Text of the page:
“Since reporting on yesterday the sinking of the Steamer Arabia in the Missouri River, we have learned some particulars touching insurance upon her hull and cargo. Our information is only partial and does not include the amounts of policies existing in the St Joseph Insurance Company, and in other offices in towns in that region.  The following amounts are set down to offices in this city.
On the Hull                         American Insurance Co.                                1,000
Merchants   Insurance Co             4,000
On the Cargo--                  Floating Dock Insurance Co.        8,000
                                                 St Louis Insurance Co.                   about 400
                                                 Lumberman’s and Mechanics    1,800

Growing up in the 1850s- an analysis of a tintype 03

8:36 PM

Welcome back to my blog. The image above is not a tintype, but a miniature of Henry Chouteau (painting on ivory) in a daguerreotype case from the St. Louis Photographic Gallery for Thomas Easterly.

I bet your perplexed why I am using the example above to make a point about the tintype of the child holding the flint lock rifle.

Often, there is question if the image was later put into a photographic case and that is why my tintype and clothing expert have different dates when this child was photographed. If you recall in my last 2 blogs, my tintype expert based her analysis on the mat was patented in 1861 and my clothing expert said the style was a passing fad in 1851-1854.

I am revisiting this topic again after receiving another email from Joan, who wrote,

That topknot hair thing really was quite a short-lived fad, and I lean more 
to a closer date for the tintype than to think the hair was done that way 
long after the fad had passed. 
I can see 1856 - 7 at a reach--but never into the '60's 
Did they never mount a tintype AFTER the fact?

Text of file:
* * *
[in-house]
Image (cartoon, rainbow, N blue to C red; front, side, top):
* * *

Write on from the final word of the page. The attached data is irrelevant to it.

I replied 
Hi Joan, 
Yes, Matthew wondered if the case was a later additon. The case had an 1861 mat. I see 1856-57 too....The good part is the date has narrow down to only a few years- very impressive! 
  And That reminded me of my query with the minature above. I've used this before in my early blog, Salesman's Journal: Glassware, Queenware, Chinaware and Pottery 10  where I wrote

Henry Chouteau (1805-1855) who was the Pacific RR Executive died [in the railroad accident at the Gasconade Bridge]- Fannie Deavers' (mother of Julia Deavers Chouteau- widow) took a trip to Paris in 1857 and had a mourning miniature dated 1855 made by Millet (famous for his haystack paintings) and once back had Thomas Easterly, a St Louis daguerreotypist [photographer] mount it in a daguerreotype case- (see below- miniature that included a note and copy of Fannie's passport dated 1857) 

I couldn't believe that this was painted in France....I mean traveling to France was a very big trip and dangerous too...However, I brought this minature to a reliable source to Robin Jaffee Frank who wrote a book on minatures, 
Love and Loss: American Portrait and Mourning Miniatures (Yale University Art Gallery)

 I took these photographs in the lab while Robin Jaffe Frank took a closer look under the microscope. She concluded that the quality of painting was excellent, but as a representative of Yale, she could not verify if the painter was the Millet who was famous for the paintings in France but gave me the name of an expert who could. 

Unlike the tintype, the miniature of Henry Chouteau had the note (ephemeral piece) that allowed me to research the image. I have found support verifying Fanny's trip to Paris, but in 1857 not 1855. Without the note, this would have been just another nice looking miniature of average looking man and thrown away years ago. 

Sunday, April 14, 2013


4:06 PM

Manufactured by Ford & Co. (Goodyear's Patent.)
New Brunswick, New Jersey
Metallic Rubber Over Shoes

It was my lucky day to find this 1850s trade card at the 33rd Ephemera Society's Conference. And yes, this is the company that manufactured the same rubber shoes in the Arabia Steamboat Museum. One Trade Card can tell a big story.

The Manufacturer was Ford & Co. in New Brunswick who made the shoes with Goodyear's patent- The Agent was Breeden & Brother in New York City who wholesaled the shoes- and which St Louis store sold them to the Arabia's consignee is still an unsolved mystery.


Photo courtesy: Greg Hawley's book, Treasure in a Cornfield.

For those fascinated by Arabia Steamboat Museum's rubber over shoe display, you may want to make another trip after reading my blog. There were many companies making Rubber Over Shoes, and not all used Goodyear's formula.

Charles Goodyear's Patent 3633 for Improvement in India Rubber- Interesting reading so hit the link.